January 18, 2001
volume 12, no. 18
Liberal Cardinal Martini Wants More Collegiality

    VATICAN, Jan. 17, 01 ( -- In a long and provocative interview with the Italian daily Corriere della Sera, Cardinal Carlo Maria Martini has called for "more concrete forms of collegiality" within the Church. The Milan prelate stopped just short of calling for a Third Vatican Council.

    Responding to the Pope's apostolic letter Novo Millenio Ineunte, Cardinal Martini stressed John Paul's call for greater "communion" within the Church. This, the cardinal said, would require a greater sharing of power among the bishops of the Church.

    In October 1999, during the Synod of Bishops for Europe, Cardinal Martini had spoken of "a more universal instrument" to express collegiality within the Church. Many observers had seen his remarks as a call for a Third Vatican Council. While he said there had been some "confusion" about those remarks, the cardinal told Corriere della Sera, "I have never excluded the possibility of a new council."

    The Milan prelate went on to say that the "emerging problems" that face the Church might be reason for a new worldwide council. Because of the practical problems involved in convening an ecumenical council, Cardinal Martini suggested that it might be easier to bring together "regional convocations" prior to the "plenary convocation" of the world's bishops. And he said that Orthodox and Protestant representatives should participate in such a council "in one way or another."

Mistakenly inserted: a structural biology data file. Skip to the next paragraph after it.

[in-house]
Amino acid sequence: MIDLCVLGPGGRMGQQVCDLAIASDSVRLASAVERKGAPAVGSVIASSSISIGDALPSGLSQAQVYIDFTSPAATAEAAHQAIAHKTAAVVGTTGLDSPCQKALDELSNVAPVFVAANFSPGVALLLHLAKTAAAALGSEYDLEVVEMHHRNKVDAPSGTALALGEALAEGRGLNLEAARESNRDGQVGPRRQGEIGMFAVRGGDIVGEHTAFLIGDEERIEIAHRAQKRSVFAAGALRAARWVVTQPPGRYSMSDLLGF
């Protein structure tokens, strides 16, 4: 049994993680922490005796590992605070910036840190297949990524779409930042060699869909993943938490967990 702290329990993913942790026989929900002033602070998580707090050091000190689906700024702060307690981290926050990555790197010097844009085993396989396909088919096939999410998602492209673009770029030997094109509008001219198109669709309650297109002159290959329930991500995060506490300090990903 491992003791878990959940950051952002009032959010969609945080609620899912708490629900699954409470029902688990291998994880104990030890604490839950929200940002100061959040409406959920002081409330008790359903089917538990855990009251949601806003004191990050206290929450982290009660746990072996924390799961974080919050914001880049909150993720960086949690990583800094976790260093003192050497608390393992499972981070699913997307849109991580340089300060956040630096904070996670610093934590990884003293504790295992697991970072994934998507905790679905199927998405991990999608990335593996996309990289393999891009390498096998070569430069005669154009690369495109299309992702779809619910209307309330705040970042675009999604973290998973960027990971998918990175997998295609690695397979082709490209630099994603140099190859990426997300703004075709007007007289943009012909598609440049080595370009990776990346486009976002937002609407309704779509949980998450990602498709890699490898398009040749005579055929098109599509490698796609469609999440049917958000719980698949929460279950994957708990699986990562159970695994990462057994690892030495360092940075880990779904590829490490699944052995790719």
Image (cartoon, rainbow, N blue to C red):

Cardinal Martini, who is frequently identified as the most identifiable "liberal" leader within the College of Cardinals, said nothing during his interview with Corriere della Sera to combat that reputation. He said that all forms of "triumphalism" should be excluded from the Jubilee. He expressed regret that the publication of the Vatican document Dominus Jesus had "not been well received, and created some distress." And he argued that the Church must engage in "dialogue" with scientists involved in genetic manipulation, using "rational and convincing arguments" rather than issuing condemnations which "are not sufficient, and even produce the opposite effect."

For other news stories, see

January 18, 2001
volume 12, no. 18
News from Rome

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